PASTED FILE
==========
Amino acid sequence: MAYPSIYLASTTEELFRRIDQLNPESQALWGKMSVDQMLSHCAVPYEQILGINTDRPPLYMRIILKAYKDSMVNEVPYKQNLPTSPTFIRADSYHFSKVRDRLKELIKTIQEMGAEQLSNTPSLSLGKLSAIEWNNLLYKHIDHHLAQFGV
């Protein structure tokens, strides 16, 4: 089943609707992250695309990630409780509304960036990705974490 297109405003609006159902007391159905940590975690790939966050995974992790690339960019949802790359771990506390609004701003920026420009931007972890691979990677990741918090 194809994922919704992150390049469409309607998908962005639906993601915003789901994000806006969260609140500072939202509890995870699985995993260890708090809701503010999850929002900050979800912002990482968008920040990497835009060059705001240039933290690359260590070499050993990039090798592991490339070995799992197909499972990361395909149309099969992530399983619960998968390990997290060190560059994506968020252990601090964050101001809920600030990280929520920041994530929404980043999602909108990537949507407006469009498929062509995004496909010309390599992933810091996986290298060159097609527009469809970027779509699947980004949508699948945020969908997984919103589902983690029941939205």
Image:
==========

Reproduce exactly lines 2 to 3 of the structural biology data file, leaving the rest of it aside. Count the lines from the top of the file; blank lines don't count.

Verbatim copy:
């Protein structure tokens, strides 16, 4: 089943609707992250695309990630409780509304960036990705974490 297109405003609006159902007391159905940590975690790939966050995974992790690339960019949802790359771990506390609004701003920026420009931007972890691979990677990741918090 194809994922919704992150390049469409309607998908962005639906993601915003789901994000806006969260609140500072939202509890995870699985995993260890708090809701503010999850929002900050979800912002990482968008920040990497835009060059705001240039933290690359260590070499050993990039090798592991490339070995799992197909499972990361395909149309099969992530399983619960998968390990997290060190560059994506968020252990601090964050101001809920600030990280929520920041994530929404980043999602909108990537949507407006469009498929062509995004496909010309390599992933810091996986290298060159097609527009469809970027779509699947980004949508699948945020969908997984919103589902983690029941939205």
Image: